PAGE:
As we entered the house we could see that the place was in shambles. There were broken dishes and glass strewn about, and in one place there was what looked like a spot of blood congealing on the wall. As we looked further, it became apparent that the little bracelet had been the cause of the turmoil, as the nightstand where it had lain was smashed to bits, and tiny pieces of green rocks and silver chain were strewn all over the floor. Then, just as we were about to leave, I stubbed my toe on a nail which was protruding out of the wooden floor near the girls’ bedroom door.

As I bent down to examine my injured foot I noticed that several of the floor boards were loose. As I pried them up, I noticed a small box hidden underneath. It was just a plain ordinary paper shoebox, but inside were several old black and white photographs taken inside a funeral parlor. In the middle of one of the pictures was an open coffin. Behind this stood people, dressed in old fashioned clothing, ominously staring at the body inside. I felt a sudden chill and a prickling feeling went up my spine as I stared at those faces, so solemn and almost ghostlike. Since these pictures were so old and faded that we could not decipher any names, we had no way of determining who they were until we came upon the last two. Mysteriously, they were the only color photographs in the box, and they had been taken fairly recently.

The first photograph I picked up was of an open coffin, with a little girl, dressed in a beautiful red velvet dress, lying inside. She looked so serene and peaceful that I wondered why anyone would leave her photograph, and perhaps her memory, behind. The other photograph was of another little girl, her age looked to be about one year old, and she was dressed in an identical red velvet dress. Amazingly, both girls looked just like little Lillie, only about six months or so younger perhaps. That’s when it occurred to me that they were twins. And there, underneath the pictures, wrapped in newspaper, was the most beautiful red velvet dress with white lace, a matching bonnet, white stockings, and red velvet baby shoes.

Did Lillie have a twin who had died under mysterious circumstances? Was this a clue, perhaps left behind by Mrs. Henderson or one of the girls, as to their mysterious behavior? “After all,” I pondered “why had they come and gone so mysteriously, with no belongings, why didn’t they tell anyone, and why did their arrival and departure happen so hurriedly in the middle of the night?” We decided to search the paper to see if there was anything in it about the dead girl. Low and behold, there was an article about a little girl named Julie who had been found dead by her mother when she returned home from shopping. Supposedly she had fallen from her crib while her father was attending her twin sister. However, there had been unconfirmed reports of child abuse by the neighbors, placing the father under suspicion. I cried as I looked at the picture, because there was baby Lillie’s twin staring straight at me.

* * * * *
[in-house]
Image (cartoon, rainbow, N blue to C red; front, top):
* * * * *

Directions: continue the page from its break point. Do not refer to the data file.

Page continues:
Even though we called the authorities, no trace of the Henderson family was ever found. It seemed as though they had simply vanished from the face of the earth. Then one day, about thirty years later, I was watching the news on TV, when the station suddenly began broadcasting a most gruesome tale of finding the skeletal remains of four females, ranging in age from between approximately two and thirty years, at the bottom of an old mine shaft, just twenty miles outside of town. Alongside these bodies was a large green trunk with white lettering, filled with women’s clothes, girl’s long sleeved blouses, long skirts, and knee-high stockings, exactly the same as those worn by Abigail and Esther. But there was no sgn of Mr. Henderson or the boys.Sometimes even after all these years I still think about that day and wonder what we possibly could have done to prevent their untimely and cruel deaths, and I cry.